And later when they launched a ground offensive, the French troops' tactics and superior weaponry also made a huge difference.

A retired French Special Forces officer said the deployment was a flashback to Afghanistan in 2001 when US special operations forces helped the Northern Alliance score stunning tactical victories against the Taliban.

Eric Denece, the head of the French Intelligence Centre think-tank, said the elite troops were also trained to "galvanise, train, supervise and accompany friendly forces in combat.

"Their presence comforts and makes the local army, which knows the terrain, much more efficient," he said.

Copyright © 2013 AFP. All rights reserved

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Re: Mali - Canada // Political - Military Status/updates.
« Reply #24 on: January 22, 2013, 09:19:14 AM »
crisis in west africa
Canada to extend Mali mission


OTTAWA — The Globe and Mail

Published Tuesday, Jan. 22 2013, 6:00 AM EST

The Canadian government will extend the tour of the heavy-lift transport plane shuttling equipment from France to Mali for a military mission.

Initially, Prime Minister Stephen Harper offered the massive C-17 plane for a one-week mission. But France has asked Canada and other nations to provide more air-transport help, including assistance to carry a West African force of 3,300 into Mali.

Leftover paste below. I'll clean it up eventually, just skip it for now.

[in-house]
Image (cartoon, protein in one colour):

Now Mr. Harper’s government is set to approve an extension, to be announced later this week.

French troops intervened Jan. 10 to stop the advance of Islamist fighters linked to al-Qaeda who took over Mali’s north in April and who had started to seize government-controlled towns farther south. The advances had raised fears that Mali would fall to jihadists intent on controlling a broad swath of North Africa. Now France insists the country must be stabilized to thwart a threat to the region, and the world.

Mr. Harper’s government has sought to set limits on its contribution to the Mali operations, fearing so-called “mission creep” that will drag Canada into a deeper role. It has ruled out so-called boots on the ground involved in combat in Mali. But Mr. Harper and Foreign Minister John Baird also have stressed that the Canadian government wants to see African leadership in the mission.

It’s not yet clear how long the C-17 extension will last, or whether Ottawa will meet France’s request for more planes in addition to the C-17.